While comparatively analyzing these contrast viewpoints, it seems both are true. Those who advocate of denouncing achieving "long-term" objectives through "short-term" frameworks are contextually right. Since Kashmir is a conflict zone and every time immediate "calendarisation" is unjustifiable and politically immature. Initially people welcome higher decisions but due to state oppression and human weakness they fail to retain the heat and intensity of "protest calendars" and finally leadership is trapped to find a "compromise" within. Then the same people, quite strangely, start blaming "separatists" for softening their "political stand" and allegedly accuse them of corruption and compromise for the other. However, the separatist formulation is also true within the historical context of the Kashmir problem. They are absolutely true in saying that just someone's killing in some part of the Kashmir isn't enough to invoke intense protests all across the valley until and unless there is a historical connection between that killing and deep-rooted sentiments of resistance. Therefore, the idea of calling widespread demonstrations as mere "reactionary approach" demands second look.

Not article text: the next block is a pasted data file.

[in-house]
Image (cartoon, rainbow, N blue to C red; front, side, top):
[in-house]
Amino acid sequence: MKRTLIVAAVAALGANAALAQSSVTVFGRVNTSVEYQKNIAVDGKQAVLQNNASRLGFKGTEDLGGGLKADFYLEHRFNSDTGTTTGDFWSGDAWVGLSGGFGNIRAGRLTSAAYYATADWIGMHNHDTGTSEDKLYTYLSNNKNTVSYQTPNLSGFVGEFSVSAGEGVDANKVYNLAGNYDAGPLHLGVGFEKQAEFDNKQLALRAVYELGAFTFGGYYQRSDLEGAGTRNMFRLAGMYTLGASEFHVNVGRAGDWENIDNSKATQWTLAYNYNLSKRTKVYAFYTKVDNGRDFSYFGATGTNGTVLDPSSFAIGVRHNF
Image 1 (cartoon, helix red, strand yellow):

So far as the "calendarisation" is concerned, to my understanding that, of course, happens to be reactionary. Since separatists knew these things very well; overuse of force to curtail protests, changing behaviour of people, criminal silence of world powers, and India's rigid political stand. Therefore, keeping these things in view, they should not have "calendarised" the movement for a longer period of time. That is probably why, after the movement seemingly failed, they don't have an appropriate explanation regarding the survivability of intifada in the face of the price it exacted from the Kashmiris in terms of life and matter.